Wednesday, July 26, 2017
Thibault Schrepel, University of Paris-Saclay offer Predatory Innovation: A Response to Suzanne Van Arsdale & Cody Venzke.
ABSTRACT: Predatory innovation – which is defined as the alteration of one or more technical elements of a product to limit or eliminate competition – is arguably one of the most important subjects faced by antitrust law in the context of the New Economy. It encompasses all practices that, under the appearance of genuine innovations, are anti-competitive strategies (Sherman Act Section 2 or 102 TFEU) aimed at eliminating competition. The objective is to remove the compatibility of third party technologies with a dominant firm’s product, or to impair competing technologies’ operations.
Very few literature deals with predatory innovation, and yet, the significance that digital technologies have taken in our everyday life implies that related anti-competitive practices might affect a great number. Predatory innovation practices are particularly propitious to spread rapidly to the extent that they may appear with any updates, which sometimes are installed without the user's consent.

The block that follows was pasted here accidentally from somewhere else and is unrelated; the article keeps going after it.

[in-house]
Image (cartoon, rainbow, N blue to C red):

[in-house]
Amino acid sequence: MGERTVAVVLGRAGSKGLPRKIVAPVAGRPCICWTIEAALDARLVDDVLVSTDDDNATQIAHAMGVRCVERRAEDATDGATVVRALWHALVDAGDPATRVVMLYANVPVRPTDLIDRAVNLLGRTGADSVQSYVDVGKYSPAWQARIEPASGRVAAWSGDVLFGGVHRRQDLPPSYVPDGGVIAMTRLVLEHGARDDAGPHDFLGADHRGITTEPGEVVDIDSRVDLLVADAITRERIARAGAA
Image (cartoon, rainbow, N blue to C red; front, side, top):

On this basis, Suzanne Van Arsdale & Cody Venzke had published an article entitled “Predatory Innovation in Software Markets” in the Harvard Journal of Law & Technology (2015). Most predatory innovation related issues are well identified but the Article proposes the implementation of a specifically designed legality test—to address whether related practices should be sanctioned—which has numerous flaws. This note intends to show that the rules proposed by Van Arsdale & Venzke should be rejected and offers a broader perspective on how to deal with predatory innovation practices.